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Burials in Anthropomorphic Jars in the Philippines

https://doi.org/10.17746/1563-0110.2019.47.2.040-047

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Abstract

The fi rst joint study by Russian and Philippine archaeologists addresses an unusual variant of a burial tradition distributed in Island Southeast Asia – burials in anthropomorphic clay jars, found in Ayub Cave (southern Mindanao Island, Philippines), excavated by specialists from the National Museum of the Philippines in 1991–1992, and tentatively dated to 500 BC to 500 AD. Of special interest are lids of jars shaped as painted human heads with individualized facial features and expressions. The fi nds suggest that Ayub Cave was a necropolis of the tribe elite, and that vessels were produced by a special group of potters using elaborate “prestige technologies”. The Ayub ceramic collection has various parallels relating to clay fi gurines and decoration including painting, among Late Neolithic and Early Metal Age assemblages from the Philippines (Luzon, Palawan, and Negros Islands), Indonesia (Sumba, Flores, and Bali Islands), and other regions of the Pacifi c Basin from Japan (Jomon) and Korea (Early Iron Age burials) to Vanuatu Islands (Lapita culture). These parallels suggest that the source of the anthropomorphic symbolism was the Austronesian migration with one of its routes passing from southern China via Taiwan, the northern Philippines, Mariana Islands, and further south to Melanesia and Polynesia.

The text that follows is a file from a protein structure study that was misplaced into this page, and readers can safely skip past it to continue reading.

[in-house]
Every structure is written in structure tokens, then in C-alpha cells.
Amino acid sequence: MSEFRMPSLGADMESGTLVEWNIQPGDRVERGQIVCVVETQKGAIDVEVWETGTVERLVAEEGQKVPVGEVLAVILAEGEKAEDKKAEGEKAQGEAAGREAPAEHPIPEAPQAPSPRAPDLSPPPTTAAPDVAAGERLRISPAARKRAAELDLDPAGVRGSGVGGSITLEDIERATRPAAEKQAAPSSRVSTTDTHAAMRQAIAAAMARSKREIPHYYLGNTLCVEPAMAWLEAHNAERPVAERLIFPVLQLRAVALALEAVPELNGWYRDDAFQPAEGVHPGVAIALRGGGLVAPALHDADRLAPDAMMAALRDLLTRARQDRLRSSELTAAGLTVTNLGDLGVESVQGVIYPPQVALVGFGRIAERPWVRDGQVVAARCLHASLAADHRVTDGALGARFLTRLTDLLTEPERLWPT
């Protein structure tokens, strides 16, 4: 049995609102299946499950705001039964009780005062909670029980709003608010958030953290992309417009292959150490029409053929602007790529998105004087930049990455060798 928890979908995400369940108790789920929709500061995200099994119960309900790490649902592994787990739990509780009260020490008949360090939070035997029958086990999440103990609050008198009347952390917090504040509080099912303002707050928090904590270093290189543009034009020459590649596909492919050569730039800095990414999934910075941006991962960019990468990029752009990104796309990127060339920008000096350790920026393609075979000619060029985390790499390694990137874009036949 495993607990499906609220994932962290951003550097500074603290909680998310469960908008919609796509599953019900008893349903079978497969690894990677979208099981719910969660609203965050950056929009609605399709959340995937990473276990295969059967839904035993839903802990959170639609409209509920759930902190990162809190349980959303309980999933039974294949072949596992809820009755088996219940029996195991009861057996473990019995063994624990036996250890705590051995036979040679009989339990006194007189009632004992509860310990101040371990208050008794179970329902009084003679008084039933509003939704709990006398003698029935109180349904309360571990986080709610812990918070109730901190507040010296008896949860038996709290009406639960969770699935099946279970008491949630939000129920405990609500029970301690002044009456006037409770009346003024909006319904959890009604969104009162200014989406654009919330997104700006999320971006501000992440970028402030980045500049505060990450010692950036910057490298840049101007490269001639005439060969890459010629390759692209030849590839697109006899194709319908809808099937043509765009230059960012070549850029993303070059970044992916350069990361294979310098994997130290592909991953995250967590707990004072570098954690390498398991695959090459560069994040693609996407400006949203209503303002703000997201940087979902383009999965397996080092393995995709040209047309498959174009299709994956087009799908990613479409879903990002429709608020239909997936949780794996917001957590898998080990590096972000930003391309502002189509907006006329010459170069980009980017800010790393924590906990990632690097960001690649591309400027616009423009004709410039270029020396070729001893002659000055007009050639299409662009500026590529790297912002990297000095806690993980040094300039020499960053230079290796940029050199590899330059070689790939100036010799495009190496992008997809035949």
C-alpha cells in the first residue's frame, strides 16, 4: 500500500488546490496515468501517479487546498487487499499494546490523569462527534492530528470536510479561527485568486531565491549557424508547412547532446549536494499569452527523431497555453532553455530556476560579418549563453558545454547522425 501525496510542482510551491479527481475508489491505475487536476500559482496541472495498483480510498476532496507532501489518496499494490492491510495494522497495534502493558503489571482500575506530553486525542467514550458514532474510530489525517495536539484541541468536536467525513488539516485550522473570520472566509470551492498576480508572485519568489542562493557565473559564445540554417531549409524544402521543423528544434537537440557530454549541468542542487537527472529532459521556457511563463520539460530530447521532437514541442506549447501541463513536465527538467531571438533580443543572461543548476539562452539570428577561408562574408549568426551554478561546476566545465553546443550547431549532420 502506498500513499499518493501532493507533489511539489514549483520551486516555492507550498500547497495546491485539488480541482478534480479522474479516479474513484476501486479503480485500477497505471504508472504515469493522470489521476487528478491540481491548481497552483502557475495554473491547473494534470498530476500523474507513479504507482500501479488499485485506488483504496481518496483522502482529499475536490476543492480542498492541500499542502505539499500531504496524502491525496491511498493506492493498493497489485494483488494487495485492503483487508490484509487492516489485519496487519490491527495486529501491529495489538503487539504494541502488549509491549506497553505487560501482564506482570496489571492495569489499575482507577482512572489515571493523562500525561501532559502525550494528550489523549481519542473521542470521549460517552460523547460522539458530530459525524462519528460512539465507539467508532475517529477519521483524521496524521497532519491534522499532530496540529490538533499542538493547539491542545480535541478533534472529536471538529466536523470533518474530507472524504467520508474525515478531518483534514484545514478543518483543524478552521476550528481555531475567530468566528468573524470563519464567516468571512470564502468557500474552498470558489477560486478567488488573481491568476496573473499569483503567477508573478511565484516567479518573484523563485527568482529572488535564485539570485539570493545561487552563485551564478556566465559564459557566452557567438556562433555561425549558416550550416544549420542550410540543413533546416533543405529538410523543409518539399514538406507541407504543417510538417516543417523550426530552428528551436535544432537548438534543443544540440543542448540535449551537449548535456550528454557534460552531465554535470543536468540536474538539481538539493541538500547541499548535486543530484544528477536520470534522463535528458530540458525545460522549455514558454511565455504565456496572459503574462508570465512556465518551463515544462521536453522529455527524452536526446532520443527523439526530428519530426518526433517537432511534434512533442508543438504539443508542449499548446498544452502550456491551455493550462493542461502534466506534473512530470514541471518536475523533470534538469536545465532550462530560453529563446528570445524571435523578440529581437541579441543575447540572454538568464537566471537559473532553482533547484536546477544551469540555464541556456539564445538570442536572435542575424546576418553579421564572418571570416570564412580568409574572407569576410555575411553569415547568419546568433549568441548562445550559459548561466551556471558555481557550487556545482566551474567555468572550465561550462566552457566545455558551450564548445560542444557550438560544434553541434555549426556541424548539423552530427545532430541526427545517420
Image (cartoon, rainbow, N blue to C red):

About the Authors

A. V. Tabarev
Institute of Archaeology and Ethnography, Siberian Branch, Russian Academy of Sciences
Russian Federation
Pr. Akademika Lavrentieva 17, Novosibirsk, 630090


A. E. Patrusheva
Novosibirsk State University
Russian Federation
Pirogova 1, Novosibirsk, 630090


N. Cuevas
National Museum of the Philippines
Philippines
Padre Burgos Avenue, Rizal Park, Manila, 1000


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For citation:


Tabarev A.V., Patrusheva A.E., Cuevas N. Burials in Anthropomorphic Jars in the Philippines. Archaeology, Ethnology & Anthropology of Eurasia. 2019;47(2):40-47. https://doi.org/10.17746/1563-0110.2019.47.2.040-047

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